The move follows other designers and retailers including Canada Goose, Gap and LVMH making masks, scrubs, gowns and hand sanitizer.
Why you should care: CSR has always been a communications and business best practice, but your organization’s community involvement is even more important amid a global pandemic where many consumers are turned off to marketing messages. As much as you can, wrap purpose into your campaigns and your messaging—and aim to make it a longstanding strategy, instead of a one-off response to COVID-19.
WHAT YOU SAID
We asked what your schedule and workload look like amid the COVID-19 crisis, and nearly 44% of you are working longer hours, while almost 28% are keeping a similar schedule. Nearly one-quarter of you are clocking fewer hours:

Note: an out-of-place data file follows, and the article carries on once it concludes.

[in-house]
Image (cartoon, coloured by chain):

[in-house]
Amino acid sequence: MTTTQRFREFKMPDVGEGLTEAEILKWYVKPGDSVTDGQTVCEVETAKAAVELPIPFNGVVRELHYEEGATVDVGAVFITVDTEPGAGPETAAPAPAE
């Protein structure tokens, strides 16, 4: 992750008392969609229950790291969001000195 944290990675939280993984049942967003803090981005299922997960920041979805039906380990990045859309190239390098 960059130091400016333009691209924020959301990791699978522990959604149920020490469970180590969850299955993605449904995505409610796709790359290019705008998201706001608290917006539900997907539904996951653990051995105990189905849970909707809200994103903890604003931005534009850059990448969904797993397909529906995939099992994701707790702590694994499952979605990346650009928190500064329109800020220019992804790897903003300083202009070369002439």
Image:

Are you putting in longer or shorter days working from home? Harris Diamond, McCann Worldgroup's CEO, told AdAge leaders have to remind employees "it's a marathon, not a sprint": https://t.co/KXce4XT71C
Weigh in below and tell us how your work/life balance looks. #DailyScoop
— PR Daily (@PRDaily) March 26, 2020
What are you doing to boost your health and spirits, both today and this weekend?
PR pros, what are you doing to boost your wellness and spirits today/this weekend?
Share what you're doing (include a pic, if you can!), and we'll share in Monday's #DailyScoop.
— PR Daily (@PRDaily) March 27, 2020
Need ideas? The American Red Cross shared several:
— American Red Cross (@RedCross) March 25, 2020
Weigh in via our Twitter poll and share your thoughts—and photos—with us under the #DailyScoop hashtag.